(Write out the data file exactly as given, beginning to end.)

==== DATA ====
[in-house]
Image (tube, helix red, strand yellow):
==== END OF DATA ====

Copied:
[in-house]
Image (tube, helix red, strand yellow):